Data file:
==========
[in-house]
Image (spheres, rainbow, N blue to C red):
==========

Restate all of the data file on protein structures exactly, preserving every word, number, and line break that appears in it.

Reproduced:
[in-house]
Image (spheres, rainbow, N blue to C red):